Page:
September/October 2001Vol. 2, No. 5Preparing Kids for Court
When preparing a child victim for court, child abuse professionals need to be aware of the "Judge Judy effect" and other misconceptions about court that children learn from television.
Besides teaching kids that all judges are not mean like Judge Judy on T.V., child abuse professionals need to be aware of stressors caused by the court process and to educate the child witness about what to expect in court. In addition, caregivers and prosecutors need to be prepared for dealing with child witnesses. These issues were presented by Laura Rogers, J.D., and Martha Finnegan, M.S.W., of the American Prosecutors Research Institute's National Center for Prosecution of Child Abuse at the 9th Annual Colloquium of the American Professional Society on the Abuse of Children (APSAC), held June 20-23, 2001, in Washington, D.C. Rogers, a former Deputy District Attorney in San Diego, and Finnegan, a former Kids in Court Coordinator and forensic interview specialist at Children's Hospital Center for Child Protection in San Diego, used their experience in the field to explain how to prepare children and child abuse professionals for court.
In explaining a child's view of court, Rogers and Finnegan presented survey results from a class of third graders, which produced funny, but highly inaccurate definitions of terms such as bailiff, jury, defendant, and prosecutor. This lack of understanding of the process can create court-related stress in young victims. Other contributing stressors to the child include fear of public exposure, multiple interviews, testifying multiple times, facing a defendant, potentially harsh cross-examination, sequestration of supportive witnesses, and concurrent out-of-home placement. The goals of court preparation are:
- To reduce the stress level in the child witness
- To help the child understand the nature and seriousness of the proceedings
- To minimize the likelihood that the child will suffer negative court-related harm
- To improve the child's ability to answer questions in court in the most accurate, complete, and truthful manner
- To maximize the child's ability to be perceived as a credible witness.
Besides being familiar with the players, terminology, and court process, the child needs to know his rights in court. Depending on the particular State's statutes, these include the right to a support person and comfort item. They should also be made aware that their "job" in court is tell the truth, rather than "guess" the right answer. The child and non-offending caregiver needs to be kept apprised of court appointments, what to wear, where to wait prior to testifying, where the defendant will sit, and where to look for a "friendly" face, i.e., support person, prosecutor.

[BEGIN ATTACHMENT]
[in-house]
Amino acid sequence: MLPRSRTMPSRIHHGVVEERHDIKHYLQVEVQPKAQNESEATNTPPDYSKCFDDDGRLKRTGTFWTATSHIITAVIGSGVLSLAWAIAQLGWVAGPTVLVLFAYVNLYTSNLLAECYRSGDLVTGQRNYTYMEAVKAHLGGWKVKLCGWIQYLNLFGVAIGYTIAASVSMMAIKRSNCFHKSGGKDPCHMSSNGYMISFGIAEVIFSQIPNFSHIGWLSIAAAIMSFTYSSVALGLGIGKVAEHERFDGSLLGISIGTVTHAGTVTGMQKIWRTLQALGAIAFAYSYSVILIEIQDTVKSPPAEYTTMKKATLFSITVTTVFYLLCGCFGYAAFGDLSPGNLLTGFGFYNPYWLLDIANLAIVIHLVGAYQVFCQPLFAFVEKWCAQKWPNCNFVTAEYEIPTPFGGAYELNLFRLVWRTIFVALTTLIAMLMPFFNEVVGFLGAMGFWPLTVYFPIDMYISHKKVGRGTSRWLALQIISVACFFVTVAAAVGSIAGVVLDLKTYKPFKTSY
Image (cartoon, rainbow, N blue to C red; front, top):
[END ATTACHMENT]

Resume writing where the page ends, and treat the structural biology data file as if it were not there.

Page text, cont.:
In addressing the issue of educating child abuse professionals, Rogers and Finnegan noted that caregivers need to have the child physically and emotionally ready for trial. The victim advocate should help provide the necessary support and serve as liaison between the family and prosecutor's office. The child and family should be given assistance in preparing and reading a victim impact statement, if requested. Prosecutors need to become familiar with literature on child witnesses, cognitive development, linguistic development, and background information on the case.
Rogers and Finnegan explained the different stages of cognitive and linguistic development in children from ages 3 to 18, giving pointers for effectively communicating with the child in court and age appropriate interview questions. They also discussed establishing a conducive courtroom environment, the requirements for closed circuit and video testimony, the role of competency hearings, and the use of interpreters.
Martha Finnegan, M.S.W.
Victim Witness Specialist
Laura Rogers, J.D.
APRI's National Center for Prosecution of Child Abuse
99 Canal Center Plaza, Suite 510
Alexandria, VA 22314
See the following related articles in these issues of the Children's Bureau Express:
- "Former Prosecutor Produces Educational Video for Child Witnesses" (September/October 2001)
- "California Courts Produce Activity Book for Kids" (July 2000)
Visit the website of APRI's National Center for Prosecution of Child Abuse (http://www.ndaa-apri.org/apri/programs/ncpca/index.html) for the following related items:
- Creating and Administering a Kids Court Program
- Child Development: A Primer for Child Abuse Professionals
- Facilitating Children's Testimony